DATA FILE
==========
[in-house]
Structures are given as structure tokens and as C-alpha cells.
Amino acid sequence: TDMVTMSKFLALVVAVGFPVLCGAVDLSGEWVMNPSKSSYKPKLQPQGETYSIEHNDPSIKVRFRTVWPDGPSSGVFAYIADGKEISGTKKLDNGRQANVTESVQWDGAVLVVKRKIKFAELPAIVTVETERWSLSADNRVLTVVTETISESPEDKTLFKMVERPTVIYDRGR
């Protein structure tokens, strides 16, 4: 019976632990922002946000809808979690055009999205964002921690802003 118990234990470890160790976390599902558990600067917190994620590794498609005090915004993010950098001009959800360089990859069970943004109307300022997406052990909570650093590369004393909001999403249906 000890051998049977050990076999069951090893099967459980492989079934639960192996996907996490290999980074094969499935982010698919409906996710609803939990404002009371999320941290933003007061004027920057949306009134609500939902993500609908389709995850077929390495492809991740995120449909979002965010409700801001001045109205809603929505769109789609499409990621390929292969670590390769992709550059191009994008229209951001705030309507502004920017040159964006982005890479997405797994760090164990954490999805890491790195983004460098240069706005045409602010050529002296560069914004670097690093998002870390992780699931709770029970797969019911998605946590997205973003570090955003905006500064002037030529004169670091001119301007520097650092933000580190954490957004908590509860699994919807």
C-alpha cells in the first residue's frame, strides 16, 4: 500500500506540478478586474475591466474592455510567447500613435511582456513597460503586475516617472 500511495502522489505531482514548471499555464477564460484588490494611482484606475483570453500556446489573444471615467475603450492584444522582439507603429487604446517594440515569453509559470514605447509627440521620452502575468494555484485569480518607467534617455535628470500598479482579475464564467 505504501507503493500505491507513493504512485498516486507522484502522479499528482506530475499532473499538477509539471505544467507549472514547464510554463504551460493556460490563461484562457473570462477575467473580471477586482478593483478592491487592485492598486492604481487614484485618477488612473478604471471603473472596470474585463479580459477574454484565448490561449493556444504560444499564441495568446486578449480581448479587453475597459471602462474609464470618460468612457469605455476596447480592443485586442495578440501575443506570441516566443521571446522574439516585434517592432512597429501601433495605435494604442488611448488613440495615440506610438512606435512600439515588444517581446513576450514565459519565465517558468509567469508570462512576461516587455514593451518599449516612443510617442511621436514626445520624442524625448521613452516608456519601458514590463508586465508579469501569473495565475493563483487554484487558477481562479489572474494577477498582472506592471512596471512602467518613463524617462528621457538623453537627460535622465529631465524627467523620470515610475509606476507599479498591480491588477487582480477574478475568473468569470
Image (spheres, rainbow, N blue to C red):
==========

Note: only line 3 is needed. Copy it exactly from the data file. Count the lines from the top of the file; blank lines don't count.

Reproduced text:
Amino acid sequence: TDMVTMSKFLALVVAVGFPVLCGAVDLSGEWVMNPSKSSYKPKLQPQGETYSIEHNDPSIKVRFRTVWPDGPSSGVFAYIADGKEISGTKKLDNGRQANVTESVQWDGAVLVVKRKIKFAELPAIVTVETERWSLSADNRVLTVVTETISESPEDKTLFKMVERPTVIYDRGR